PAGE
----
2. Use problem solving techniques to manage situations that you can control. Learning ways to improve your problem solving ability will help you solve your problems instead of worrying about them.

How to do this: Use a problem solving technique to anticipate and address situations early. First, IDENTIFY all aspects the problem. Second, DEFINE each aspect of the problem, including the perspectives and goals for everyone involved. Third, EXPLORE all possible solutions—even ones you don’t think will work! Fourth, ACT on the solution. And fifth, LOOK BACK and reflect on the results. Try another solution if needed.

3. Acknowledge that sometimes you can’t change the situation, but you CAN change how you react to it. We all respond to situations with automatic thoughts, behaviors, and consequences. When we’re stressed, most of these thoughts are negative. Changing negative thoughts into positive thoughts will reduce your stress and improve the situation.

How to do this: Identify negative thoughts, such as, “I can’t control my child’s food allergies,” and change them to positive thoughts, such as, “I know how to explain food allergies to my child’s teacher and other parents. I’m a good parent and food allergy manager!” The hardest part of changing your thinking is identifying negative thoughts, so write down negative thoughts and then write a positive thought next to it. Repeat this positive thought to yourself as needed.

4. Expand your network of support. It is important to recognize that it takes a team to manage food allergies and keep your child on track developmentally.

How to do this: Think about all of the people who contribute to your child’s growth and development. Is there something missing from your team? Is there a type of help that you are not getting? In what ways would you like the level of support on your team to be different? Think about the answers to all these questions and start to identify people who can help you.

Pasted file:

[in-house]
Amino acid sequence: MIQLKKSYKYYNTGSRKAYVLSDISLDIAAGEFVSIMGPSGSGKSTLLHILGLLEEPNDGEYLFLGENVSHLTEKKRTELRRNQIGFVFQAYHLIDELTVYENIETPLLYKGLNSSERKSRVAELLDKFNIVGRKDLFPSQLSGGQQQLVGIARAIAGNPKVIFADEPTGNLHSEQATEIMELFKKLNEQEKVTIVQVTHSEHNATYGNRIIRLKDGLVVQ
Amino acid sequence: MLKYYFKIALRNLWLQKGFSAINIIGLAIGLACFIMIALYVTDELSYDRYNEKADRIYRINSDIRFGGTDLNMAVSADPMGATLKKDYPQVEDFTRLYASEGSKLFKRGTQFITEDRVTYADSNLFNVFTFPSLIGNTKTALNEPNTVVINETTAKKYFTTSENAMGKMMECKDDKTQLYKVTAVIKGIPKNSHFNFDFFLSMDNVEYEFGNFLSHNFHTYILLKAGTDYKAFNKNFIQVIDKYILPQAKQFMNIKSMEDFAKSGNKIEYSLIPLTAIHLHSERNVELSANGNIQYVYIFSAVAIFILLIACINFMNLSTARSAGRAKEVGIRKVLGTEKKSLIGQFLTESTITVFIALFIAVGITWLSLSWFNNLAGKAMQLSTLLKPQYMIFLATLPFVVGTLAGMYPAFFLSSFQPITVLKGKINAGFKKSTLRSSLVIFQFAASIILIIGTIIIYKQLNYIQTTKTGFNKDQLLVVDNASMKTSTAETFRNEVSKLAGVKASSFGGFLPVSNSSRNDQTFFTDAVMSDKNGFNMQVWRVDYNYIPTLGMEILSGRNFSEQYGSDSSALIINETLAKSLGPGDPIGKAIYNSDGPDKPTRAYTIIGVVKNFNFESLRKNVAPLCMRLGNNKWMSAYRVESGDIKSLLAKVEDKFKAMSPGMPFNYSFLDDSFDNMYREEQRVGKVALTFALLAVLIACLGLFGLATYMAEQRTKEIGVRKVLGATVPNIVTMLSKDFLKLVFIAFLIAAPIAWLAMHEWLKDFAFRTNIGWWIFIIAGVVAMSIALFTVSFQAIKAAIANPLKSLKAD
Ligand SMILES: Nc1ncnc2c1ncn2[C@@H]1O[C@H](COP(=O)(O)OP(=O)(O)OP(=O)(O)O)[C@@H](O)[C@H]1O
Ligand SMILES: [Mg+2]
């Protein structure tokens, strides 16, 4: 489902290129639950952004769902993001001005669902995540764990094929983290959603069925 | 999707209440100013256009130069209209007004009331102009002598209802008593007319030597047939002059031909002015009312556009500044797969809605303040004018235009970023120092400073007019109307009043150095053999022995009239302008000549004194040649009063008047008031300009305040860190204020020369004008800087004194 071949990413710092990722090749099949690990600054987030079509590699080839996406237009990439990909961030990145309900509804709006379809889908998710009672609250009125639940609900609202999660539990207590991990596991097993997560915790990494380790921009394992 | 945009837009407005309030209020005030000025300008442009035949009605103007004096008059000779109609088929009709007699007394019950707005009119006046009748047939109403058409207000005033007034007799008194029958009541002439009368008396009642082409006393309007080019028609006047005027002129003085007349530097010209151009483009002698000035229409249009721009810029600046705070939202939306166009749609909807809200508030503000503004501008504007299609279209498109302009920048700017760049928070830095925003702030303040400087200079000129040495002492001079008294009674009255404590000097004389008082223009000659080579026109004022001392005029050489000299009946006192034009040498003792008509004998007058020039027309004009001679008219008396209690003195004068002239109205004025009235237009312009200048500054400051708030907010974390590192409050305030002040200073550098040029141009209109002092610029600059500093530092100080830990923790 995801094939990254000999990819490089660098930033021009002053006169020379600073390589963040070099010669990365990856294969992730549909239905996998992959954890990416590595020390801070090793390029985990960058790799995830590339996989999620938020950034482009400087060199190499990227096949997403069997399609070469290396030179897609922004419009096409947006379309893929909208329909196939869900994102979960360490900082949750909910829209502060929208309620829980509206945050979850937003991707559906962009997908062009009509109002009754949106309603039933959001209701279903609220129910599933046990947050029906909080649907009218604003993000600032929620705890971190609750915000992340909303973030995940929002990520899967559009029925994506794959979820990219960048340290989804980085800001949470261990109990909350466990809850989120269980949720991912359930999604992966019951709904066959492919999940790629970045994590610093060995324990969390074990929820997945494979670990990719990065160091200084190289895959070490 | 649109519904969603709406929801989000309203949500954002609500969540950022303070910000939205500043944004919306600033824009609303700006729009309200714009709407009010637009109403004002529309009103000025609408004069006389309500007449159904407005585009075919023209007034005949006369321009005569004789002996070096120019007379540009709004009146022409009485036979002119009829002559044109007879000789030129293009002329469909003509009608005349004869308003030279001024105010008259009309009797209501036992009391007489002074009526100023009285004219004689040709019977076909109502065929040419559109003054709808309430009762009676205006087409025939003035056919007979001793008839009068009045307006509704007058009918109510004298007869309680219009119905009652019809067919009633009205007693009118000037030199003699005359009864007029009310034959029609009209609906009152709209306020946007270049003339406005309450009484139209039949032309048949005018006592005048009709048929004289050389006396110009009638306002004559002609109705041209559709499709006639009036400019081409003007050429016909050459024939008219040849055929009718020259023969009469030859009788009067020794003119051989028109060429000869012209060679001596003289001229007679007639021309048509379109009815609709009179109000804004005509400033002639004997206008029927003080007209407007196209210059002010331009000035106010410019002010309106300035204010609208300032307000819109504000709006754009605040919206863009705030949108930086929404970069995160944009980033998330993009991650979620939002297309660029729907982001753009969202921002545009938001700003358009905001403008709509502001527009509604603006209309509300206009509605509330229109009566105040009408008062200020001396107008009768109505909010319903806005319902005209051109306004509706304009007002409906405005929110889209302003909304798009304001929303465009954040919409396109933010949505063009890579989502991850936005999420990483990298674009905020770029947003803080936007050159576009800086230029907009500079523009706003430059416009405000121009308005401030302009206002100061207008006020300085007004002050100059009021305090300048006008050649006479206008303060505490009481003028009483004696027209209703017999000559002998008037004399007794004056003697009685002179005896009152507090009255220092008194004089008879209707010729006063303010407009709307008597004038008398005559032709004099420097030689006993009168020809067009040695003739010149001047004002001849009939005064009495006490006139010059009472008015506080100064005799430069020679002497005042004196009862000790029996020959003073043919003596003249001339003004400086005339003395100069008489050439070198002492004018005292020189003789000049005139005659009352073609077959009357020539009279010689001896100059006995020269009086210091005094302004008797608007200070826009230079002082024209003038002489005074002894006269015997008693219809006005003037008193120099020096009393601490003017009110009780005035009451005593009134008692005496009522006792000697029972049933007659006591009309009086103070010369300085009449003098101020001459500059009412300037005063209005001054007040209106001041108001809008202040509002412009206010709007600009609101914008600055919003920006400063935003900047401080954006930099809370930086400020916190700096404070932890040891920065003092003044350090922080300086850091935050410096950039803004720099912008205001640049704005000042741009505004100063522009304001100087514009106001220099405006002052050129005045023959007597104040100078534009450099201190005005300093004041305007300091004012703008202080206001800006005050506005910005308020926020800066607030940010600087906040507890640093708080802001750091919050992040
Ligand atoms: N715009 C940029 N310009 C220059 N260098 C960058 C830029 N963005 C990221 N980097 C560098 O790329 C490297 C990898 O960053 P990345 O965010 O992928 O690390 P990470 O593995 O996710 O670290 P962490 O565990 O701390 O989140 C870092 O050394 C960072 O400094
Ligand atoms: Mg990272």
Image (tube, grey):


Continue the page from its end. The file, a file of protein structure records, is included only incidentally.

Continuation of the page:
5. Take time for yourself! Parenting a child with food allergies is only one of the roles that you have, so it is important to acknowledge your other roles, such as spouse, friend, employee, sibling, etc.

How to do this: It’s very important to try to find something you like to do that you can work into your regular routine that encourages a healthy lifestyle for you and your child. Identify things that you can do. Examples include exercise, reading a book, talking on the phone with a friend, taking a bubble bath, playing a musical instrument, etc. Schedule at least one of these activities a week. And remember that taking time for yourself makes YOU healthier, which makes you better able to care for your child!

This article was originally published in the Fall 2013 issue of FARE’s Food Allergy News. Read more of the newsletter here.

A Letter from Santa to Your Child with Food Allergy

We all know that Santa Claus loves when kids leave him milk and cookies on Christmas Eve. Santa knows all about food allergies though and wants your kids to help him spread some cheer!

You can download and personalize this letter from Santa to help get your kids in the kitchen and involve them in making some allergy-friendly holiday treats, all in an effort to help Santa’s elves.

Download and customize the letter.

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Thinking Outside the Gingerbread Box

By: Gina Clowes, Director of Education, FARE

In our family, we don’t have a ton of traditions. Although I like things orderly, I was never one to insist on things being done the same way year after year.

One of the silver linings of this mindset is that I can think outside of the box pretty easily, which came in handy when my son Daniel came along with multiple food allergies. During the holiday season, delectable gingerbread houses seemed to pop up everywhere,  and with allergies to seven of the top eight allergens, 90% of the ingredients weren’t safe for him.

I wanted a decoration that my son could help build, but also one that would not pose a danger if he decided to sneak a piece during the holiday festivities (something that was guaranteed to happen).

As I perused the baking aisle, the flour, buttery frostings, nuts, coconut, marzipan, puddings, cookies, and piecrusts were all off limits.

So I switched my focus to what he could have and as I did, the sugar cubes caught my eye. I knew that we would build an igloo and we started that night! Daniel and I had a blast wedging each little sugar cube in place over the frosted bowl and placing the little gummy pine trees in place. It was adorable and my son was really proud of our creation. I hope you enjoy it too!

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Icy Igloo!

An allergy-friendly alternative to a gingerbread house.